‘The Lives of Others’ in review

German director’s debut film produces properly developed plot and characters

More stories from Nicole Bellford



The 2006 international film “The Lives of Others” gives the audience an inside look at the corrupt government and struggles of East German society in the Cold War era.

In German director Florian Henckel von Donnersmarck’s dramatic film, “The Lives of Others,” the audience travels back in time to the frightening and controversial Cold War era in 1984 East Germany.

The 2006 film, which has received critical acclamation and a 93 percent “fresh” rating on Rotten Tomatoes, centers around the story of German Democratic Republic (GDR) secret police agent and “legendary” Stasi Hauptmann Gerd Wiesler (Ulrich Muhe), code named HGW XX/7 as he is assigned to conduct intense surveillance on a famous German playwright, Georg Dreyman (Sebastian Koch) and his girlfriend, actress Christa Sieland (Martina Gedeck).

While Wiesler is known as a loyal agent and dedicated member of the government, the surveillance assignment soon leaves him questioning his morals and all that he stands for. Wiesler quickly learns that the Stasi government has no legitimate cause to spy on Dreyman, and the real reason for his surveillance is that Wiesler’s co-worker and Minister of Culture Bruno Hempf’s has a desire for romantic relations with Sieland.

Throughout his assignment, Wiesler finds it increasingly difficult to maintain professionalism as he develops an emotional connection to the surveillance subjects and their complicated lives. Wiesler eventually faces the ultimate conflict as he must choose between remaining true to his post and the GDR government, or following his heart, keeping Dreyman and Sieland safe.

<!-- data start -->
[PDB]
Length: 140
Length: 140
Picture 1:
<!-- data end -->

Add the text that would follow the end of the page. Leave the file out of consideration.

Although I was initially fearful the film wouldn’t make sense overall due to a need for English subtitles and a setting with a relatively unfamiliar context, I would have to agree with previous critic reviews — the drama quickly diminished my doubts.

The opening scenes consisted of a black screen with text to describe the controversy and struggle of the Cold War, as well as the GDR’s interest in using surveillance footage to uncover government traitors. In addition, the film provided plenty of subtle context throughout, providing a constant sense of the fear and anxiety present in East German society during this time.

Subtitles certainly are not my favorite trait in a movie, seeing as I feel the tedious amount of reading can lead to distraction from the action, but the pace of the film compliments the subtitles well. The text moves at a speed just fast enough for the audience to comprehend what is going on while also getting a grip on the dialogue.

The character development is exceptional, adding essential amounts of emotion and conflict within the film. Muhe tackles his role as Wiesler with inherent ease, full of facial expressions that allow the audience to appreciate the depth of his character and internal struggles with morality.

Gedeck portrays her role of Sieland with raw emotion and grace, leaving me in tears as she visibly dealt with the pain of love, death and betrayal throughout the film. While Koch’s emotion was not written across his face in the role of Dreyman, the strength with which he delivered his lines provided the audience with a sense of the character’s way with words and how he uses his voice to stand up against the government.

Lastly, the film’s soundtrack does a decent job at emphasizing the drama of the events that occur, as well as providing a proper contextual tone for the setting of the Cold War. The instrumental cues execute vivid transitions between scenes of conflict and allude to further issues ahead. Aside from the music, however, the film also successfully utilizes complete silence in specific scenes to portray the seriousness of what is occurring.

In essence, this international film is one that kept me on my toes, holding out to see where Wiesler’s true loyalty lies.
“The Lives of Others,” rated R, will be playing April 28-30 in the Woodland Theater. The event is hosted by the UW-Eau Claire international film society, and admission is free with a Blugold card or campus films pass.